I would’ve loved to stay, but Spiritual Beggars were going on the Main Stage and it was time for me to once again “Excuse me” and “I’m sorry” my way through the crowd out from the Green Room. The Beggars — I can call them that now that I’ve seen them live — have a new record out called Earth Blues, and they were selling LPs and signed CDs. I’ll pick it up at some point, but haven’t bothered to listen to it for the same reason I don’t listen a ton of shit that comes out: No time and I fucking hate digital promos. That frustration actually made me less inclined to buy the record, though having autographs from Michael Amott (Arch Enemy/Carcass) and his formidable assembled lineup does hold a certain nerdish appeal. In this incarnation of the band are bassist Sharlee D’Angelo (Arch Enemy/Mercyful Fate), drummer Ludwig Witt (Firebird), organist Per Wiberg (Opeth) and vocalist Apollo Papathanasio (Firewind), who now has two albums under his belt in the band and did a more than able job filling the frontman role while also tackling Spiritual Beggars tracks from the eras of Spice and JB Christoffersson, the former now of Band of Spice and the latter in Grand Magus.
Not easy voices to take on by any stretch of the imagination, as both singers could add dramatic flair, soaring highs or growling lows to any given song at any given time, but again, Papathanasio did well in that spot, and the newer stuff they played seemed right in line with their long-standing love of classic heavy rock. Amott‘s the driving force in that he writes all the material, but everyone was clearly on board — Ludwig Witt is a monster drummer — and the stage show was engaging, professional and fun to watch. They played “Turn the Tide” from the new album and dipped back to 2002’s On Firefor “Young Man/Old Soul,” which was a highlight, and just before “Wonderful World” from 2000’s Ad Astra, Papathanasio asked the crowd, “Have you got the energy left?”
The honest answer? Nah, man. It’s been four days solid of rock and rolling and I’m feeling pretty demolished. He got a response from the crowd that was probably less than the roar he’d hoped for, but the band didn’t miss a beat. Their shit was pro-tight and as next year will mark 20 years since the release of their self-titled debut, for all their love of classics, they’re on their way to becoming one as well. A band of string lights wrapped around the inside frame of Amott‘s speaker cabinet, Wiberg had a tapestry hanging from the front of his keyboard, and in everything they did, Spiritual Beggars were very put together, very rehearsed, but also very effective. It wasn’t the first time I liked a band more than I thought I would this weekend, but it was a nice surprise anyway.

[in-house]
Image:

Entirely true, I would have relished the notion of seeing Switchblade live, but I had an early-ish train looming, was beat and knew that I wanted Electric Moon to close out my Roadburn 2013. The German jammers were just right for the job — heavy, psychedelic, totally switched on in their groove and, as I learned, swirl-ready at a moment’s notice. Before they were even ready to play, before guitarist Dave “Sula Bassana” Schmidt had his shoes off, he and bassist Komet Lulu and drummer Michael Bongolious Orloff were jamming. I don’t think they even realized they were doing it, but all of a sudden, Komet Lulu had a groove locked in and the other two stepped right into it. Their set was great to watch too, but I found that little pre-jam even more telling, since it goes to show just how much chemistry there is between these three players. Lulu led a lot of the changes, with Orloff responding accordingly and Schmidt spacing out in guitar swirls, but she also took the time to add to the effects wash with her bass. I was really, really glad to see them.
What songs they played, I don’t know. They jammed like mad and had a recorder set up at the front of the stage, so hopefully audio or video surfaces at some point. Truth be told, they were the one band I really regretted not seeing at last year’s Roadburn, so watching them tonight was an absolute must, and though former Emperor frontman Ihsahn was on the Main Stage backed by progressive rockers Leprous, I couldn’t have felt better about being where I was. Nothing left to do then but slowly peel myself away from Roadburn 2013 as the thought of that train and what time I’m actually going to get to sleep tonight started to gnaw at me. I’d hoped to see fest promoter Walter and tell him thank you for another fantastic year, but no such luck. I tossed my earplugs in the trash, and bid farewell to the 013 for another year, when hopefully I’ll be back to have my brain melted all over again.
Many people to thank before I sign off from Tilburg and make my way to London tomorrow, but I’m going to save it for now and do a big thanks at the end of the trip next weekend. There’s still another week to go before I head back to Jersey — I cannot even begin to tell you about the plate of pasta I’m going to have upon my arrival there — and plenty more to come in the meantime, so please, stay tuned.
Thanks to all for reading. More pics after the jump.